Carpenter has been in the business long enough to know there are hardly any guarantees in his chosen profession. He said the longest contract he's ever had was four years at ESPN from 1997 to 2001, when he handled a variety of assignments for the worldwide leader.
But the relatively lengthy deal only came about because CBS made a run at him, at least giving him some bargaining power he's never really had in Washington, until many Nationals fans let MASN and the team know how unhappy they were last year when he nearly lost his job.
Why did it come down to that in the first place?
Carpenter prefers not to talk about it, but clearly there were so-called "chemistry issues" with Hall of Famer Don Sutton, the former pitcher who joined him as a color analyst in the booth in 2007. Sources back then and now have said Sutton was not entirely comfortable working with Carpenter last year and essentially told team management he thought Carpenter talked too much during the broadcasts.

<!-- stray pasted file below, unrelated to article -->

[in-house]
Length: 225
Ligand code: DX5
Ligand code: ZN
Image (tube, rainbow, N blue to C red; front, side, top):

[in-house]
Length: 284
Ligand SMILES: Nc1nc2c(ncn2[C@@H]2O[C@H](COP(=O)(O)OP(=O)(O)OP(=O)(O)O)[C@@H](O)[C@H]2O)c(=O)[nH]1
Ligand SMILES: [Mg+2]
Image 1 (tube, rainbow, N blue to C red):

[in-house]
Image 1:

You could have knocked Carpenter over with a dust-off pitch when he first heard about it from Nats management last year. But once he signed the new deal last fall, the two men spoke at length in several offseason telephone conversations about how to resolve their issues, and after making what he described as a "few adjustments, " Carpenter said there have been no problems this season.
"It's all water under the bridge as far as I'm concerned," he said. "This year we've had smooth sailing. The fact that they picked up the option for next season would indicate they were satisfied with what we've been doing.